Thursday, April 03, 2008
The Printer's Devil
At the start of the Renaissance the abbot and occultist, Johannes Trithemius, wrote a book entitled In Praise of Scribes. In it, he attacked the recent invention of printing and celebrates the superior qualities of the pen. How did he get the word out? In print of course. Even Trithemius could see the writing uh, printing, on the wall.
Trithemius also wrote another book, this one about the use of spirits to communicate over long distances. He would have been amazed by the magic of the Internet. Like Gutenberg preceding it, the Internet threatens the previous technology just as startlingly as the press did the scribe, and just like the press it came seemingly out of the air to change everything that came before. This very abruptness has caught so many off guard it is no wonder the eBook is under a hail of derision.
To the unconverted let me remind you, the book is an ongoing project, a largely technology driven enterprise. If the medium in which it has evolved has remained relatively static for the past five centuries, it is not for lack of trying. Gutenberg had applied the available equipment of his age so well there would be no real advancements in printing until the Industrial Revolution and the power of the steam engine.
Unlike Antony, I come not to bury the eBook, but to praise it, and I say this with all the passion of a true book lover. Confirmed bibliophiles will raise their hand’s in unison when asked what part of the book stands out the most---the smell. The olfactory experience of a library is like that of incense in a sacred space. Beyond its tactile properties, the scent of a favorite title can instantly launch one into the time and place it was first read. Of lazy summer days by the pool, or quiet winter evenings in an armchair. This, for lack of a better word, “presence” of a book is the first thing the true bibliophile loses when the beloved is consigned to the digital world. Yet, this heavenly scent, so tied to our conception of the traditional book, is relatively recent.
Before the Civil War, books were printed with the higher quality, thus more costly, rag paper as it had been for centuries. It is due to its higher quality and durability that the government still uses it to print money.
Few of us have been privileged to take in the atmosphere of the Bodleian in Oxford, or to taste with Poggio the treasures of St. Gall. And no man lives that has stood among the numberless scrolls of fabled Alexandria. We can only guess what delicious bouquet a million volumes of papyrus, coated with cedar oil, may have consisted of. And so the familiar friend in the guise of bound paper and ink is not as eternal and unchanging as we might wish to think.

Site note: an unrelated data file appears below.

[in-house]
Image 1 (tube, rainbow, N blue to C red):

However, we must not forget the first task of a book, to convey knowledge, and to do so as conveniently as possible. For those who have been paying attention, it is obvious how convenient obtaining information is online compared with a trudge to the local library. The supremacy of the computer is testified to by the role those public libraries are taking in computer training and literacy. What library still uses that arcane relic, the card catalog?
Many book lovers are fearful of hypertext, the idea of embedding links in the text to related information and perhaps even changing the text its self. For a world so long accustomed to the seeming permanence of print, we have forgotten the age before it when all books were handwritten. It was common to include glosses on words that were unusual and annotations or alternative readings in the margins that, sometimes, in later copying were incorporated into the body of the text as though it had been there all along. This occurred in stunning and unexpected ways. Those familiar with biblical scholarship are well aware of the variant readings of the New Testament that would shock many of those who believe the Bible was delivered from Heaven as an uncorrupted vessel of God’s word.
Even print has not been totally immune from these practices. The footnote and endnote are less personal yet similar attempts to squeeze the most out of a text for the benefit of the reader. Hypertext is the next logical step beyond the limitations of the page.
However, as with most new tools, the world is often slow to adapt. A paperback can be bought for pennies, the eBook technology is still cost prohibitive. Much like Gutenberg’s bibles, they are not for a mass audience. The market and technology has still to develop and find its way but, as the computer has become as ubiquitous as air, so its companion the eBook will doubtless compose much of the atmosphere of this new world.
The eBook is awkward, ugly and plain. Four centuries ago the same was said of print. Duke Federico da Montefeltro, who had assembled one of the finest manuscript libraries of the Renaissance, was heard to remark he would have been ashamed to own a printed book. In the end, we got used to the aesthetics in exchange for convenience. Unlike the Duke, I am fond of that old adage “don’t judge a book by its cover”.
Published at Teleread.org.